Abraham Lincoln the 16th President of the United States in his famous letter to the respected teacher notes that ‘a dollar earned is far more valuable than five dollars found’, this suggests dignity in labour and that gifts or things not earned are usually under-appreciated. In the context of renewable energy sources, the Sun, and the Wind represent free gifts from nature. Hence, one begins to ponder whether these gifts are underappreciated /adequately eulogised or whether they are just dear to us from the economic and commercial perspective.
I choose to reflect on wind itself firstly, due to its unique attributes in relation to other renewable energy sources. Secondly, due to what I term the ‘wind-appreciation gap’ within academia, this is against the backdrop that one of the few known attempts to eulogize the wind was rendered from a poetic perspective by John Chizoba Vincent.
Wind is obviously infinite and universally available; however, it is sparsely distributed, and the coastal regions are more endowed with this nature’s gift. Apparently, the Ostrobothnia region is well situated to harness this gift. However, whether we often or seldom pause to appreciate how lucky we are to be strategically situated in a region enormously blessed by nature, remains a rhetorical question at the individual and collective levels, respectively.
On one hand, I find the wind to be very special as it is the only renewable energy source that is invisible yet can be felt and converted into an energy form. This invisibility attribute of wind remains mysterious and at the same time exciting. On the other hand, I find wind intriguing because of its formlessness. While the speed and the direction can be measured via anemometer, and wind vane respectively, yet wind cannot be held with the hands even though we constantly make use of it. Suffice to say therefore that ‘if the wind were to be a cake, one could allude that we are apparently eating our cake and still having it’.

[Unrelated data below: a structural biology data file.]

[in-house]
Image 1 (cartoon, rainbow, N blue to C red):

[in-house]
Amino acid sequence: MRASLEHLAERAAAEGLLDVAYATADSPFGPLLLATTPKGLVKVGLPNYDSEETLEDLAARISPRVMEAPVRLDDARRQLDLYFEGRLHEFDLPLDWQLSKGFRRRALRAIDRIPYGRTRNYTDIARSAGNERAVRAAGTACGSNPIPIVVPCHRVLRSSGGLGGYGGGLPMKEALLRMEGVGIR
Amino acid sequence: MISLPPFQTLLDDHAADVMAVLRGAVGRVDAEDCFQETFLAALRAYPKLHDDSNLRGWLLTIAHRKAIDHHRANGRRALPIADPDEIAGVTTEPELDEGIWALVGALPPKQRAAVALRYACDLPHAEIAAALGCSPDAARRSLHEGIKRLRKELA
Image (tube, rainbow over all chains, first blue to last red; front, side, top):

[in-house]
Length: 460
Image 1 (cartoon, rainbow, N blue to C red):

While I remain fascinated by the progress made in the growth and development of wind technologies and the concomitant green energy therein, the younger and future generations should be taught how to better appreciate wind as an energy source beyond our current romance and focus on wind technologies, its commercial and economic gains. Society should be constantly reminded that wind comes in an odourless and clean form, therefore, while we harness and leverage on this gift, we must also make daily choices that do not contaminate and pollute the wind in other to maximize the benefits that accrue from it.
As the transition from fossil fuel to renewable energy intensifies, there is no better time to eulogizing the wind than now, as this will invariably make our society more critical and appreciative of nature’s free gifts, while at the same time consciously devoting ourselves to sustaining these gifts. By taking cognizance of the ecology in every decision especially in the energy transition process, not only indicate a good step towards sustainability but also an expression of our gratitude to nature…so, let the wind-eulogy begin!!!
Doctoral student in Social Sciences
University of Vaasa
Ejike Okonkwo’s dissertation will examine societal adaptation to wind farms in the Ostrobothnia region.